Cataloguing, conserving and digitising our historical archive
In 2001, Professor Melvyn Jones published a book called ‘Protecting the Beautiful Frame’ about the history of the Friends of the Peak District (CPRE branch). He quickly realised that the archive material he used for researching the book, was of great significance. It comprised a detailed record of our pioneering work to protect the local countryside and how it shaped thinking about landscape conservation. It records not only what the Branch did, but also how it did it; and it demonstrates the unique roles played by our founders, Ethel and Gerald Haythornthwaite.
It is also fascinating peek into their past and the issues and threats to the countryside which they feared in the 1920’s and 1930’s, many of which are still relevant today. But the material Mel used was a tiny fraction of the whole archive which dates back to 1924 when the charity was first established.
It consists of thousands of items: annual reports, meeting minutes, letters, photos, glass slides, publicity materials, posters and pamphlets, reports, architectural drawings (many by Gerald himself) and many maps, including one with the first ever hand drawn depiction of the national park boundary. The letters and meeting minutes illustrate the critical role Ethel and Gerald played in the founding of the first green belt in Sheffield in 1938, and the designation of the first national park in 1951.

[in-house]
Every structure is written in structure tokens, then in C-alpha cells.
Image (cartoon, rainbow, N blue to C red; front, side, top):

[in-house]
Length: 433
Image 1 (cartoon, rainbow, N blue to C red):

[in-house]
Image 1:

We now have National Lottery Heritage money to preserve and conserve it, to digitise the most important material and make it accessible to the general public so they can appreciate the incredible hard work and lobbying which went into protecting our beautiful countryside.
We are currently looking for volunteers to help with oral histories. Click on the link below to download the role description.
- Recording oral histories and researching the archive for stories to tell about the people involved in our work throughout its history
Or for more info, please contact email@example.com or call 0114 312 2002.